Monitored anesthesia care for enucleations and eviscerations

John R. Burroughs, Charles N. Soparkar, James R. Patrinely, Robert C. Kersten, Dwight R. Kulwin, Chyrl L. Lowe

Research output: Contribution to journalArticle

10 Scopus citations

Abstract

Objective: To report the technique and success of using monitored anesthesia care instead of general anesthesia for ocular enucleation and evisceration surgeries. Design: Retrospective, noncomparative interventional case series. Participants: Twelve enucleated patients (Soparkar and Patrinely) and 146 eviscerated patients (Kulwin and Kersten). Methods: Surgical logs of two oculoplastic practices were reviewed searching for cases of ocular enucleations and eviscerations performed under monitored anesthesia care between 1990 and 2001. Identified hospital and clinic charts were then reviewed. Main Outcome Measures: Monitored anesthesia care was deemed successful if (1) there were hemodynamic stability and complete analgesia intraoperatively; (2) there was absence of any chart documentation regarding patient or family psychological distress over the anesthesia method used; and (3) patients were discharged from the hospital without the need for observation or treatment ≥ 23 hours. Results: Between 1990 and 2001, 146 eviscerations were performed under local anesthesia with monitored anesthesia care by two surgeons (RCK, DRK) as their routine practice pattern. In 1996, Drs. Soparkar and Patrinely began performing enucleations under monitored anesthesia care in selected cases, and from 1996 to 2001, these surgeons enucleated 12 patients under monitored anesthesia care. Four of the enucleated patients requested surgery without general anesthesia. The remaining eight patients had been refused surgery by at least one other specialist because of the patient's perceived high medical risk for complications under general anesthesia. In all 158 patients, the procedures were deemed successful by the preceding criteria. Conclusions: This four-surgeon case series reports the successful use of local anesthesia with monitored care for ocular enucleation and evisceration procedures, offering several potential advantages over the traditional use of general anesthesia.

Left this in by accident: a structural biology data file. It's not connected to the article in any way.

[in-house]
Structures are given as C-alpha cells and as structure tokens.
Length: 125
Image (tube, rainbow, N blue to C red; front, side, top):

Original languageEnglish (US)
Pages (from-to)311-313
Number of pages3
JournalOphthalmology
Volume110
Issue number2
DOIs
StatePublished - Feb 1 2003

ASJC Scopus subject areas

  • Ophthalmology

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